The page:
OPINION: Eben Etzebeth should have never gone to the Rugby World Cup
Eben Etzebeth should have never gone to the Rugby World Cup with a dark cloud over his head and with the Langebaan assault allegations steadfastly refusing to disappear‚ the less palatable it is for the player to stay on in Japan.
The SA Human Rights Commission's decision to have the case heard at the Equality Court and SA Rugby belatedly deciding to embark on an internal probe should be enough for Etzebeth to come back home and deal with the allegations he's facing.
As individuals‚ we are responsible for our actions and Etzebeth‚ regardless of the fact he's an experienced Springbok‚ needs to step forward and face his accusers. He's not immune from arrest‚ investigation and prosecution.
SportsLIVE PODCAST SPECIAL: "Mark Alexander must step down" over Etzebeth - Claassen
He won't be the first nor the last individual to miss a tournament because of allegations of improper conduct on and off the field.
If we need an example of a prominent sports personality who had to miss out on a major tour because of questions about their behavior‚ look no further than Ben Stokes.
The highly skilled all-rounder was accused of affray after a limited overs game against the West Indies in Bristol in 2017 and was said to have been involved in an altercation with two individuals during a night out.
The matter was viewed with such seriousness that Stokes had to miss the Ashes tour to Australia in order to deal with his alleged misdemeanour at the time.
The Ashes series is highly regarded in England and Australia and those who take part in it are often feted as heroes‚ especially if they win.
Stokes's status as a prominent cricketer and match-winner wasn't enough to save him from standing trial‚ even though he was eventually acquitted. This should have been the approach with Etzebeth.
There were allegations that surfaced‚ a charge was laid and other legal steps were taken to deal with the matter.
That alone should have been enough for SA Rugby to pull the plug on Etzebeth and let him deal with the matter outside of the glare of the World Cup.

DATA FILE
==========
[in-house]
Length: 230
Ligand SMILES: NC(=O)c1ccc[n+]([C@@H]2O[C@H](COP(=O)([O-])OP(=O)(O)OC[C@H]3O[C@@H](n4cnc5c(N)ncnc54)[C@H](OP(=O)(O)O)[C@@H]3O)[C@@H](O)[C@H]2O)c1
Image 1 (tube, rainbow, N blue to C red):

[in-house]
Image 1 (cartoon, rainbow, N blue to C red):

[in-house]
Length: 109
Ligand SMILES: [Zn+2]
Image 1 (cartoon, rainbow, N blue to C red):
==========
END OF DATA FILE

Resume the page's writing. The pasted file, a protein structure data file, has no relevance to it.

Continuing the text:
Should he play on Friday against Italy?
He shouldn't as the noise in South Africa is far too loud for him and SA Rugby to ignore.
Most companies and “upstanding” political parties would ostensibly suspend individuals who have serious accusations levelled against them.
The assault matter has consistently refused to go away and the fact that SA Rugby have handled this issue with kid gloves spits in the faces of those who have been victims of assault and haven't received justice.
The racially charged nature of the incident also fans serious flames as SA is still battling fires that haven't been extinguished post apartheid.
Critically‚ this matter raises questions of SA Rugby's moral compass and the honesty among the senior players in the Springbok captain.
In light of what allegedly transpired on that August night/morning‚ the senior Springbok players should have come together and interrogated their accused team-mate as the fall-out in the event of his departure could have a nuclear effect as compared to him standing aside before the squad left.
Springbok coach Johan “Rassie” Erasmus said at the squad announcement on August 26 he trusted Etzebeth and trusted what he was told by the veteran lock.
But what has been happening at the SA Human Rights Commission is raising uncomfortable questions.
The thing is lessons learnt from the “Sandpapergate” episode that involved Steven Smith‚ David Warner and Cameron Bancroft highlighted that even senior players are capable of dishonesty and leading the team astray.
In this case‚ the senior players have failed to question one of their own and so have SA Rugby.
In a country where violence is not only rife‚ but with perpetrators getting away with their crimes‚ we can ill-afford to treat public figures differently.
Etzebeth must come back and it's no longer a case of if‚ but when‚ lest SA Rugby wants to be seen as an organisation that puts the player before the image and the well-being of the country and the organisation.